Kaing Guek Eav, better known by his revolutionary alias Duch, told the Khmer Rouge tribunal on Thursday that he had no knowledge of plans to wage coup d’etats against Pol Pot’s inner circle and branded the theories “surreal.”
Appearing in his penultimate day of testimony, the former chief of the S-21 prison—where more than 15,000 people are thought to have been sent to their deaths—was grilled by Nuon Chea’s defense lawyer Victor Koppe on his knowledge of plans to overthrow the party center.
Faced with testimony and interviews with 10 former combatants from Division 310 who claimed to have been involved in plans to seize Pochentong Airport and Radio Phnom Penh in 1977, Duch called them “imaginative.”
“I did not hear of this plan to attack at all while I was at S-21. Regarding the plans to get hold of the radio station near Wat Phnom, I was not aware of such plans,” Duch said.
“I believe this statement is rather imaginative. It is surreal. The content is so surreal,” he added.
As Duch dismissed testimony regarding planned rebellions—which is a core element of the Nuon Chea defense—the Dutch lawyer became irritated and accused the former prison chief of sabotaging his client’s case.
“Let’s see if you can sabotage this one as well,” Mr. Koppe said, before launching into questions about alleged coup plans in the Northwest Zone.
Following an objection from the prosecution, and advice from Trial Chamber President Nil Nonn to “behave appropriately,” Mr. Koppe accused him of being complicit in the perceived sabotage.
“Sabotaging with your assistance if I might add, Mr. President,” Mr. Koppe replied, at which point Judge Claudia Fenz ordered him to “stop it.”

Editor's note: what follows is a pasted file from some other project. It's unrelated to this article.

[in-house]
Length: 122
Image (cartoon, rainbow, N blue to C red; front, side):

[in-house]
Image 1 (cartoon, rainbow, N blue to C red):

“No, I won’t stop it! It’s a travesty here—it’s incredible,” Mr. Koppe, who has recently been referred to the Amsterdam Bar Association twice for his comments inside and outside of the courtroom, shot back at the judge.
Asked to elaborate on the Khmer Rouge’s “principle of secrecy” that he had mentioned in previous testimony, Duch said that the Cambodian communists had become fearful in the 1960s after learning of the anti-communist massacres led by former Indonesian president Suharto.
“The situation happened in Indonesia and it had impacts on communist thinking at the time. They were thinking that the Americans would come to engage in Cambodia, and the [theory of] secrecy was that if the information leaked, we would die,” Duch said.
“In the 1960s, there were four principles in relation to secrecy: Do not know, do not say, do not hear and do not see,” he said.
Duch—who in 2010 became the first Khmer Rouge official to be found guilty of crimes against humanity and is testifying in the current case against Nuon Chea and Khieu Samphan—will conclude his 12th and final day of testimony on Monday.